Map of Russia, showing the location of the Tunguska event (Great Siberian Explosion), north of the Stony Tunguska River; the Trans-Siberian railroad runs across the lower part of the map; endpapers of The Fire Came By: The Riddle of the Great Siberian Explosion, John Baxter and Thomas Atkins, Doubleday, 1976 (Linda Hall Library)
Most of his colleagues at the Academy of Sciences in St. Petersburg (then called Petrograd) dismissed the stories Kulik told them, and it took him 6 years to persuade his superiors that it was worth further investigation. In 1927, he returned with a small party to see if they could locate an impact site. The window for exploration was small, just the months of March and April. Any earlier, it was too cold and there was too much snow; any later, and the marshy floor of the taiga would have started to melt, the insects would be swarming, and passage would be impossible. There were no roads or even trails to follow.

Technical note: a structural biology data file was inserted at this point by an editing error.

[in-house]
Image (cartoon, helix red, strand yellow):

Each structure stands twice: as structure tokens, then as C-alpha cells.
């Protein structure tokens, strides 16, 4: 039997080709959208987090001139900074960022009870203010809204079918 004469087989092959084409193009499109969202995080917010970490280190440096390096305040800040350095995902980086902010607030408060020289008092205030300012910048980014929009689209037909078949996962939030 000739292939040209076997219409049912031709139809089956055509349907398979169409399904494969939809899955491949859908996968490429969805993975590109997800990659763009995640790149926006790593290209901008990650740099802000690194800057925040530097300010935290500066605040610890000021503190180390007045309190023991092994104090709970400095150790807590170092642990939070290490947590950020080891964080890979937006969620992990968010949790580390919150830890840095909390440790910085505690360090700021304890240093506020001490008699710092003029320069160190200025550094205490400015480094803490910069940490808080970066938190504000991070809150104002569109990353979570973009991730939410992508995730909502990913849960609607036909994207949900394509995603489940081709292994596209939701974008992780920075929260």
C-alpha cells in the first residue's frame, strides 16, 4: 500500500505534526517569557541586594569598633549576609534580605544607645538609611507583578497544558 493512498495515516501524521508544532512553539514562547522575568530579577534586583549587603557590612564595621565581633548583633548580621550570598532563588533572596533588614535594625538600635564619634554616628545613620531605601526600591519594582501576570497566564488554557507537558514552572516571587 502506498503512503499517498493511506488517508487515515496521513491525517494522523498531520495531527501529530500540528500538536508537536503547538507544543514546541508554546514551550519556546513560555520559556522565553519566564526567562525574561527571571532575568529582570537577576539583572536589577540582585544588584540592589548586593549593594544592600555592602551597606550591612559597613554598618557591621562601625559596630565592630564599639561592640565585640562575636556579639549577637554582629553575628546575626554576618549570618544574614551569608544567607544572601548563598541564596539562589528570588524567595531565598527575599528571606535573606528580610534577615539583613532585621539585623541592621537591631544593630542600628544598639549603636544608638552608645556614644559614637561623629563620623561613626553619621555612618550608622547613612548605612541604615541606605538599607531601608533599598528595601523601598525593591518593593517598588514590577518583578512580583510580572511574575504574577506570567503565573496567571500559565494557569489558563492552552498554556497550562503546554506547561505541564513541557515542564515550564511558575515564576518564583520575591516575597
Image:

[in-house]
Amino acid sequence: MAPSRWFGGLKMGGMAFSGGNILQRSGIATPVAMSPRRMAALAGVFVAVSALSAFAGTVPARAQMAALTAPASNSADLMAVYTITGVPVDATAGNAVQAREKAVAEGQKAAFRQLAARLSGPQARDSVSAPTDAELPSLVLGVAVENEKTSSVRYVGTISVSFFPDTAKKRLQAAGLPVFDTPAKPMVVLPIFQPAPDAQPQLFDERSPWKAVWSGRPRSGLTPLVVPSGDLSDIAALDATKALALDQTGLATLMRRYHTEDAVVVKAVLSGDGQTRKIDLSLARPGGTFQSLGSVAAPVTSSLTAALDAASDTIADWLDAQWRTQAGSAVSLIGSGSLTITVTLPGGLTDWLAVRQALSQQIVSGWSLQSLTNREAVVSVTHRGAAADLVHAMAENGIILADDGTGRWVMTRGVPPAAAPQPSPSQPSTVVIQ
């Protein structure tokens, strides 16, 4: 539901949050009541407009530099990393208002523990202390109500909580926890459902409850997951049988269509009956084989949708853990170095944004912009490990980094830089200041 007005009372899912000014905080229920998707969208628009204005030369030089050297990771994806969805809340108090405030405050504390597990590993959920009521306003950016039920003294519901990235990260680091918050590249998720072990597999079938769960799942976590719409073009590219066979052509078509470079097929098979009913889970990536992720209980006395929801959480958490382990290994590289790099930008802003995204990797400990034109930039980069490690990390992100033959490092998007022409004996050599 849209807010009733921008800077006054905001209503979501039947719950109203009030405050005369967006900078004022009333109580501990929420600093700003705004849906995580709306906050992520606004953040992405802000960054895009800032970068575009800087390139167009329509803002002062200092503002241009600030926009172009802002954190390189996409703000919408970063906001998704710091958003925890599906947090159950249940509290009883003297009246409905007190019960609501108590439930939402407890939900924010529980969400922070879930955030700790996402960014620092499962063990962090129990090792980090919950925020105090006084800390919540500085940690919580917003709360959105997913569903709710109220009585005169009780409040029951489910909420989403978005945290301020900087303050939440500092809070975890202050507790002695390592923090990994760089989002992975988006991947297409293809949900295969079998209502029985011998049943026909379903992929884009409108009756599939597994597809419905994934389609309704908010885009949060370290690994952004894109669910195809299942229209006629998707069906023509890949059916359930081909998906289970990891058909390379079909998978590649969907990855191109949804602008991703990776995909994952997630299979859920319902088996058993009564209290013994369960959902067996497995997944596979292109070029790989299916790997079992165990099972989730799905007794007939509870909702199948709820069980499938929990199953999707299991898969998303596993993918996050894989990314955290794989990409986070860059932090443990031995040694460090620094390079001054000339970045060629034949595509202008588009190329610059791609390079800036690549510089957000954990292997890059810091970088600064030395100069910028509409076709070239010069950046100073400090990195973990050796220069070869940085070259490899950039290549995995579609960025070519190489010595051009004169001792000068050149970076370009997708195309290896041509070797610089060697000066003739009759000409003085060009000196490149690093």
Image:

Kulik left St. Petersburg in early 1927 (the name had changed again to Leningrad) by the Railway, left the train at Kansk, made it north to the Stony Tunguska River and the town of Vanavara, where he found a guide and collected more tales that directed him further north. Horse-drawn sleighs had got them this far, and now it was foot traffic only, with reindeer as pack animals. But ultimately, they were rewarded with an amazing sight – forests of trees completely leveled, with the tops of the trees all pointing south, and showing evidence of scorching (first image). As they explored the area, they found that the fallen trees formed a vast radial ring, with the tops of the felled trees pointed outward, away from a center, presumably the point of impact. But when Kulik got to the center, he did not find the expected crater, like the one in New Mexico examined by Daniel Barringer a few decades earlier. Instead, he encountered what he called a “telegraph-pole forest,” with dead trees still standing, but stripped on all their branches (fourth image).